Schumpeter seemed to foresee the present dilemna in his argument that the demand for the welfare state was a natural result of economic development and growth. North, Wallis and Weingast present an argument in Violence and Social Orders that open access societies are distinguished from limited access orders by the density and complexity of organizations - including government organizations and that the welfare state is complementary to sustaining open access. This argument is a provocative one and centers on the dynamic of redistribution that would appear to be inherent in the income inequality that accompanies the market order. Last month Boyes wondered if the political system (democracy) would inevitably lead to the welfare state. This raises the issue of path dependency and will provide the foundation for a future discussion.
Ken Autetta's recent analysis of the rapid evolution of reading has me leaning toward a sympathetic view of North's et al argument. The forces of Smith and Schumpeter appear to be racing ahead of the State - at least in this example.
I find the example of reading significant due to my reading of North's argument that beliefs and learning are a (the?) key ingredient in adaptive efficiency. I see the informal belief systems that support society as shaped by a process of learning that we do not understanding.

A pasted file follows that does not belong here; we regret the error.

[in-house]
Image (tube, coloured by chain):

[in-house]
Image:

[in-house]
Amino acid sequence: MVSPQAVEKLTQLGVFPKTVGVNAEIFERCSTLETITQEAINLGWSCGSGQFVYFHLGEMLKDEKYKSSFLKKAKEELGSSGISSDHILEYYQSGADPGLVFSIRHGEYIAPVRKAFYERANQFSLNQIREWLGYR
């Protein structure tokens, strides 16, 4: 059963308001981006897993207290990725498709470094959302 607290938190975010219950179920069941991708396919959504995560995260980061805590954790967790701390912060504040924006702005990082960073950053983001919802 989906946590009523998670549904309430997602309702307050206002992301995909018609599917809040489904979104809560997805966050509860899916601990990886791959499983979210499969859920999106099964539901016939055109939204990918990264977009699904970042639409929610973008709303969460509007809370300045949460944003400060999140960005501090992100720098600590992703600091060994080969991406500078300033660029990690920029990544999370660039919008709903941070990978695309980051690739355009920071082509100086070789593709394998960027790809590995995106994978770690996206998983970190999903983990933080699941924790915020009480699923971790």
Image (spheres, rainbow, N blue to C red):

Having said that, while we might not understand the process of learning, reading is at the heart of a full comprehension of how learning emerges and evolves.
Autetta's reading of the attack on transactions costs by technology exemplifies two elements of creative destruction - first the conflict between current rent holds seeking to maintain rents and innovative entrepreneurs attacking those rents in the pursuit of future rents from a changed landscape. Second, productive entrepreneurial activity stimulates productive actions that lead to both growth and learning.
I wonder, are Auletta and I too optimistic?